PATRIK-IAN: We have a dream board, and we pin photographic representations of our wishes and dreams to this dream board. We pinned up a copy of Spin, a purple crayola, and strand of Prince’s hair we got at a concert at the Palladium. We left it out in the rain and voila! They asked us, and we did it. It was a dream project. A real dream.
SAMUEL BING: I don’t recall any of this, but I’m sure Patrik is spot on.
The L.A. Times actually said “If Prince had decided to take up esoteric mathematics instead of sex-god funk, that career might be something Fol Chen could get behind.” How accurate is that statement?
PATRIK-IAN: Fol Chen stands behind any statement that includes the words Fol,
Chen, and Prince and doesn’t say we suck.
Reviews and critics are comparing you to artists all across the board – Sleigh Bells, of Montreal, Prince and even the Beach Boys and Everything But The Girl – how does that make you feel and how would you describe your own music?
SAMUEL BING: We don’t mind any of the comparisons! Most of the stuff we get
compared to is really flattering. What sometimes bugs me is when people insist that we are actually influenced by some of the bands they hear in our music, especially when we’ve never even listened to those bands. We got a lot of of Montreal comparisons on our first album, and I’m sure we should be flattered, but (hand on bible) we’ve never listened to them! And now I’m curious, but I’m worried that it will bum me if I heard them!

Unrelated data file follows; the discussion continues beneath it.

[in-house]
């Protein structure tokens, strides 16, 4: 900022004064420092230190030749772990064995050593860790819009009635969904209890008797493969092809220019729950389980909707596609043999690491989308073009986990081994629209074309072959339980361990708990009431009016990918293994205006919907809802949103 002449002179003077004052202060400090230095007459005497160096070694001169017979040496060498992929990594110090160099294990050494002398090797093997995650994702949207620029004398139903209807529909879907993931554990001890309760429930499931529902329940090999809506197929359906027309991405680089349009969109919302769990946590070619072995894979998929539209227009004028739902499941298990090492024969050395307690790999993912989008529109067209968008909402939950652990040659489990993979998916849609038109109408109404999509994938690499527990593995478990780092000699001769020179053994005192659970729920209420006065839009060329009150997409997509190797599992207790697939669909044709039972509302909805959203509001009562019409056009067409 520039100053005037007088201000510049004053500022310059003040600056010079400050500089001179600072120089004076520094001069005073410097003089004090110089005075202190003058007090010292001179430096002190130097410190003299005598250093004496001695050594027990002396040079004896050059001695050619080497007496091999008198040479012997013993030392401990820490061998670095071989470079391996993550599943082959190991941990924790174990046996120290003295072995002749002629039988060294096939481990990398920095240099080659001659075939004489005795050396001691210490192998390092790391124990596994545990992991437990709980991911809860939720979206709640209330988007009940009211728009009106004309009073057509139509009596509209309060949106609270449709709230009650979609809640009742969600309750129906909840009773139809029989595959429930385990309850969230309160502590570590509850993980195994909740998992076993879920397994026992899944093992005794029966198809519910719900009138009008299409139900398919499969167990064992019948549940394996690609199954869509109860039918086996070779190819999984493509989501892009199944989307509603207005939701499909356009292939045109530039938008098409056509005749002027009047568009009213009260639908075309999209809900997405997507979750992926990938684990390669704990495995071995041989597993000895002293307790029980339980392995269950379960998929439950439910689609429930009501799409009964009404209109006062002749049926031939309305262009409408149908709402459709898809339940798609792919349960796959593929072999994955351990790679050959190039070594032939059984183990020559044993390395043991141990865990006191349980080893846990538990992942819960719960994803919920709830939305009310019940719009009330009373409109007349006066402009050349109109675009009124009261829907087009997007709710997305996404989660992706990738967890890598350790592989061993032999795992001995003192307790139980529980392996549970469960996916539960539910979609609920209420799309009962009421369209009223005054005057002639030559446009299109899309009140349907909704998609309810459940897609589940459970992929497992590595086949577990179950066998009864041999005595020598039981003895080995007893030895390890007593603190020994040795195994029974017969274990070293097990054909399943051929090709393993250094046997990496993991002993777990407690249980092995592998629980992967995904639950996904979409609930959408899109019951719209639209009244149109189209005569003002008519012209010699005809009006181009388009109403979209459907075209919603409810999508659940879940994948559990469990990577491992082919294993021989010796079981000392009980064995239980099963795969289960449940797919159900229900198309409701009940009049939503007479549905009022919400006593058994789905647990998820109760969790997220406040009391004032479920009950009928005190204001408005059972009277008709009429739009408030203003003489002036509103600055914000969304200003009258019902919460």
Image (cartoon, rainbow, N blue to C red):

Mixed media courses through Fol Chen veins. Performance art (masked identities), entertaining music videos (see Cable TV for synchronized swimming in an empty pool), and linear, smart narratives within dance songs – you must have influences from all over the spectrum. Who are some – literary, visually, sonically – and describe what you glean from them.
SAMUEL BING: This one is too hard to answer, so I will just link to this instead:
You’ve toured with Liars (and are a sometimes member) and Baths – are there any bands out there that get you excited to see?
SAMUEL BING: I just like to be surprised. We did a residency at the Echo here
in Los Angeles last month, and I loved playing with a bunch of bands I hadn’t seen before, and who were all doing ambitious stuff: WOOM, Sister Crayon, Jessica 6, Light Pollution. And we can’t wait to hit the road with !!! (starting Sept. 22) and Apples in Stereo (starting Oct. 22).
A lot of reviews of Part II end questioning what the lyrics actually mean. There is a playful darkness that presides over the poetry. What thoughts and ideas actually influenced the songwriting?
SAMUEL BING: Like the music, the lyrics are built from scraps, which I think gives both elements a less linear feeling. I co-wrote the words to a few of the songs (“The Holograms,” “Men, Beasts or Houses,” and “The Holes”) with a crazy-gifted writer named Kelli Anne Noftle. She has a way with images and sounds that really inspired me, and she was able to express things in ways that would never have occurred to me.
Did your newspaper ever mutate? I bet not.
SAMUEL BING: Not yet…
FOL CHEN TOUR DATES:
09/22 Washington, DC Black Cat $
09/23 Boston, MA Royale $
09/24 Northampton, MA Pearl Street $
09/26 Toronto, ON Lee’s Palace $
09/28 Ann Arbor, MI Blind Pig
09/29 Chicago, IL Bottom Lounge $
09/30 Louisville, KY Headliners Music Hall $
10/01 Cleveland, OH Beachland Ballroom $
10/05 Pawtucket, RI The Met Cafe $
10/22 Denver, CO Bluebird Theater $
10/23 Colorado Springs, CO Armstrong Hall $
10/24 Salt Lake City, UT The State Room $
10/26 Seattle, WA Crocodile Cafe $
10/27 Portland, OR Mississippi Studios %
10/28 Arcata, CA The Depot at Humboldt State %
10/30 San Francisco, CA The Independent %
10/31 San Jose, CA Blank Club %
11/02 San Diego, CA Casbah %
11/03 Tuscon, AZ Plush %
11/07 Houston, TX Walter’s On Washington %
11/08 Dallas, TX Granada Theater %
$ = w/ !!!
% = w/ the Apples in Stereo